Selah Sue

Music Features Selah Sue

Hometown: Leefdaal, Belgium
Album: Selah Sue
For Fans Of: Adele, Amy Winehouse, Lauryn Hill

As Belgian neo-soul diva Selah Sue recalls, her childhood was a deliriously happy one. Even with the awkward birth name of Sanne Putseys, she was enormously popular—always noticed by the boys but on great BFF terms with the girls, too—and she had something she was quite good at: ballet, for which she’d rigorously trained since age 6. Then she hit 14, and everything fell apart.

Currently, Sue is a gorgeous, bouffant-haired fashion plate who’s been courted by posh houses like Chanel and Acne, all after only one album—her Lauryn Hill-inspired R&B/reggae self-titled debut, featuring overseas smashes like the jittery “Ragamuffin.” She’s a calm, cool and collected 23 now. But only a few years ago, she sank into such deep, dark depression she couldn’t see any way out of it. “Suddenly, from one day to another, I was just tired of doing the ballet and all the exercises,” she sighs. So she simply quit. “And I never thought about it again.”

Sue picked up guitar instead, but by then it was too late. When she looked in the mirror, she was disgusted by what she saw. She thought her head was too big in proportion to her hair, so she started dying it every color imaginable, then shaving one side of her skull, then the other. Nothing worked. “Then I got breasts when I was 14, which is pretty late,” she says. “Before that, I was wearing T-shirts like my brother, and I never looked in the mirror. Then suddenly, Bam! I got breasts and I got a figure, and that really screwed me up. Puberty was the hardest time of my life—I had very low self-esteem, and I thought I was the most ugly, stupid person in the world.”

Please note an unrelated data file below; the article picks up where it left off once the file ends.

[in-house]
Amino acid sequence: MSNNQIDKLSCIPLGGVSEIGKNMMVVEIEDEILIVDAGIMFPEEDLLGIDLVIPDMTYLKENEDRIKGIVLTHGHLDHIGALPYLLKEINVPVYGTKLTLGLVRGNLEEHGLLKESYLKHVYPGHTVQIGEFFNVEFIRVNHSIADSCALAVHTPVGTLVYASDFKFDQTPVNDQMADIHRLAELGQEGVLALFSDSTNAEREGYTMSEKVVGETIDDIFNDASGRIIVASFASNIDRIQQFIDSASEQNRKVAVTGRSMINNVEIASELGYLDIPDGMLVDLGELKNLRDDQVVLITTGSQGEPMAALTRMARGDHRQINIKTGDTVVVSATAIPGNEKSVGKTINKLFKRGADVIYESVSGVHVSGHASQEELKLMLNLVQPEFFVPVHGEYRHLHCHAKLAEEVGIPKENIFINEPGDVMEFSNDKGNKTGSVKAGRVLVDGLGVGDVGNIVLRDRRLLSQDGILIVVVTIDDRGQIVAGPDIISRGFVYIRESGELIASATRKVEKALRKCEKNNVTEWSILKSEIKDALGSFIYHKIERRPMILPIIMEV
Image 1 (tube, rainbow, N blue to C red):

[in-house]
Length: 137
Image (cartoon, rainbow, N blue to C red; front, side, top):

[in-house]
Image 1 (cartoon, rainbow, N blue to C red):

Sue’s mother grew so worried, she enrolled her daughter in therapy; On Sue’s debut, she duly thanks her for her concern with the touching acoustic ballad “Mommy,” which brings her parent to tears every time she hears it. “I’ve been going to a therapist since I was 16, and I still go, but now it’s only once every four months or something,” she notes. “Now it’s stable, it’s stabilized. But I really needed it—I needed it to sort things out for myself.”

Therapy taught this tortured soul to, well, stop torturing herself so much—to have clear-cut, attainable goals in mind (like recording an album). To capture in writing the roiling emotions she was experiencing. And to exorcise those demons from her system through artistic pursuits. Sue mastered acoustic six-string by strumming along to Lauryn Hill’s Unplugged album, then began penning songs as catharsis. And you can hear it in her soul-baring sonnets “Crazy Vibes,” “Peace of Mind” and “Crazy Sufferin Style,” she adds. “That’s the only thing I wrote about on my first album—every song is about learning to accept who I was.”

What reflection does Sue see in the mirror these days? “Well, it’s not as extreme as it was,” she allows. “But sometimes I still wake up and feel like the most ugly person there is. And other times I think ‘Yeah! You’re really sort of…sort of okay!’”

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